DNA Damage Networks

The goal of the DNA Damage Networks project continues to be development of statistical and physico-chemical models that describe the cellular response to DNA damage at the network and systems biology level.

We are developing experimental and computational methods for monitoring the time-dependent activity of a large number of intracellular protein kinases and signaling molecules, and correlated their activity with the cellular phenotypes of DNA damage-induced cell cycle arrest and re-entry, apoptosis or senescence using quantitative mathematical models. We are applying these measurement and modeling methods to understand how genetic alterations in DNA damage signaling networks, and cross-talk between the EGFR signaling network and the DNA damage signaling network, modify the clinical response of human tumors to currently used genotoxic therapies. Experiments focus on human lymphoma and breast cancer cells, building directly upon our experimental and modeling work in lymphoblastoid and human osteosarcoma cells during the prior funding period. The resulting models of DNA damage-induced signaling and phenotypic will be tested at a variety of scales, including in vitro cell culture systems, murine xenografts, and mouse cancer models. The ultimate goal is to apply these models to predict and optimize the responsiveness of human tumors to DNA damaging therapies and therapy combinations, identify patient- and tumor-specific treatments based on the status of their DNA repair and signal transduction networks, and define new targets and drug combinations that enhance the chemotherapeutic response. The DNA Damage Networks program is closely integrated with the other two core programs in our TCNC, the Mitogenic Networks program and the Migration Networks program through both a shared interest in modulation of tumor cell behavior and therapeutic response by the EGFR signaling pathway, and in the effects of DNA damage on tumor cell proliferation and migration.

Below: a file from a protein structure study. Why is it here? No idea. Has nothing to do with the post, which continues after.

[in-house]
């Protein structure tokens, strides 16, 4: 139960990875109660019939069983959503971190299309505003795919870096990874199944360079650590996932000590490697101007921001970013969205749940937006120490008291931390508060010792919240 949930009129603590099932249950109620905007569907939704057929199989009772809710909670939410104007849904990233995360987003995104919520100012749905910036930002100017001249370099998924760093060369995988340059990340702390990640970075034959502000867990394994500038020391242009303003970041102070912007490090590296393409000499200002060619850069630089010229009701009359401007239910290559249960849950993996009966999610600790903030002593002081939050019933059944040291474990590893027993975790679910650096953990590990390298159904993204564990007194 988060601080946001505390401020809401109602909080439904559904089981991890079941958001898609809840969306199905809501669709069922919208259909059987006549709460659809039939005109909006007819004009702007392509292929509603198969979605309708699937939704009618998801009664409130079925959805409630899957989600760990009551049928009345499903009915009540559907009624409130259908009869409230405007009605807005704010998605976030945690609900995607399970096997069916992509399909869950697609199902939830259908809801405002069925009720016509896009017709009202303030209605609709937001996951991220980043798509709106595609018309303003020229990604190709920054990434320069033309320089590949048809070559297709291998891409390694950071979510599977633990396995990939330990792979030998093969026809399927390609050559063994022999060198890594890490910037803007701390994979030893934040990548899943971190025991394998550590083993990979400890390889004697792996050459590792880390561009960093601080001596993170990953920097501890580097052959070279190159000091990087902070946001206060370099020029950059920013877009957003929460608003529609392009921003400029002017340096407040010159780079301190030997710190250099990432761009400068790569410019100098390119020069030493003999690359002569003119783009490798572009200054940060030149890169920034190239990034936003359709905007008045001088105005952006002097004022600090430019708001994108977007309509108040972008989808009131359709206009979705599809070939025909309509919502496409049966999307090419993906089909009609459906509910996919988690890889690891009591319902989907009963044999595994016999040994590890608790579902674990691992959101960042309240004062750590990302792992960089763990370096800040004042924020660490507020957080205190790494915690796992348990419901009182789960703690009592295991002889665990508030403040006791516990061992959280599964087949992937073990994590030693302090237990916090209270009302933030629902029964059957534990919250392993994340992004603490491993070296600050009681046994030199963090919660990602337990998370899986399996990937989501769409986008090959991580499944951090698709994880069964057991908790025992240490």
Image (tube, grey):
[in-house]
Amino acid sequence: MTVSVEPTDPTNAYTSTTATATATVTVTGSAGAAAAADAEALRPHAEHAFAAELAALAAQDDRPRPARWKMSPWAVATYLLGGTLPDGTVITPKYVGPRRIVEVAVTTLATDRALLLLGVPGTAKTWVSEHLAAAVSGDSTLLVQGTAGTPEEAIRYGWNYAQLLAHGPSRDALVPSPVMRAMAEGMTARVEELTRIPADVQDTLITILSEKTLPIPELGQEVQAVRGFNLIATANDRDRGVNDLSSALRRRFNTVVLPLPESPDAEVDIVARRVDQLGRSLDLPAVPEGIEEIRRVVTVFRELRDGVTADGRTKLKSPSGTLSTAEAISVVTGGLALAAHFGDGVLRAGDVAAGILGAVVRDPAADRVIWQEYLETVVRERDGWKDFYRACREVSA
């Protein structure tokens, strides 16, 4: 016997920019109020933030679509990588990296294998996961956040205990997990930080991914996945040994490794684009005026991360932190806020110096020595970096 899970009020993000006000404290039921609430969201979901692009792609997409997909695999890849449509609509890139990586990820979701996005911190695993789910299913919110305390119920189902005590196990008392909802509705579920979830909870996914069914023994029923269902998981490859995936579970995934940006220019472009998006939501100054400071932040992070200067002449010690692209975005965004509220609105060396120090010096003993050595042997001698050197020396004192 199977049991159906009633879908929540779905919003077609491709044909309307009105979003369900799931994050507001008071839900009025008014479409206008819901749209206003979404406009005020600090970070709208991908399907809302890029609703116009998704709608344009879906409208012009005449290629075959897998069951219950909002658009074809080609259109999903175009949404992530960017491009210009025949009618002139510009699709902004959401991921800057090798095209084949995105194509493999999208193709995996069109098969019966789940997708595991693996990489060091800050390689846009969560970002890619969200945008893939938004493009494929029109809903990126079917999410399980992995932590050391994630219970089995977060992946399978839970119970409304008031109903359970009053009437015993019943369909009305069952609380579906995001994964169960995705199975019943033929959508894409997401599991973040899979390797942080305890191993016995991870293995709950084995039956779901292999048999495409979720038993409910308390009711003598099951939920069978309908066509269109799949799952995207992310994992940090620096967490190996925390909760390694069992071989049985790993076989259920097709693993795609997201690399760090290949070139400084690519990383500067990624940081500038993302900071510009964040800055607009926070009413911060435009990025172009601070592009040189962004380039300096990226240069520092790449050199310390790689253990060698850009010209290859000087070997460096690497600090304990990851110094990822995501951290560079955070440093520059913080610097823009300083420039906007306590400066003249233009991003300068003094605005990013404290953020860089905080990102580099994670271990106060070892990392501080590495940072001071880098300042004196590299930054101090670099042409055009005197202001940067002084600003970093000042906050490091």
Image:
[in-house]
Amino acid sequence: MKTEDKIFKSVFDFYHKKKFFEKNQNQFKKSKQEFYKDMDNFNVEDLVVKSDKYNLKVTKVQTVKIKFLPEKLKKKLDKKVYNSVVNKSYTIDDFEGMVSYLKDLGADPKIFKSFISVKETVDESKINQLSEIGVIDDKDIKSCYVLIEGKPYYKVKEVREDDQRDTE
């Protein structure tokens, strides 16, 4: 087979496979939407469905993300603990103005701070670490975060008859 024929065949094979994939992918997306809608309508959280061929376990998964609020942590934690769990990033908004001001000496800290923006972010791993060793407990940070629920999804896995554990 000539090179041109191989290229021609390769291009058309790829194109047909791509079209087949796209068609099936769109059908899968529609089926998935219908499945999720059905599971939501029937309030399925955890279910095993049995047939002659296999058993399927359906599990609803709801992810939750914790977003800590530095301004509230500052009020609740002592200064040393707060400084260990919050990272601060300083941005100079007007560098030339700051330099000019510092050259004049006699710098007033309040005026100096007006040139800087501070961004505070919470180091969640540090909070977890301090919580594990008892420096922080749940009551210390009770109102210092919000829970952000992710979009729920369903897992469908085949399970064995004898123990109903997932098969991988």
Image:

Specific Aim 1 - Analysis of breast cancer cell responses to chemotherapeutic agents
Specific Aim 2 - Analysis of lymphoma cell responses to chemotherapeutic agents
Specific Aim 3 - Integrating models for DNA damage response, cell cycle, apoptosis, and ErbB signaling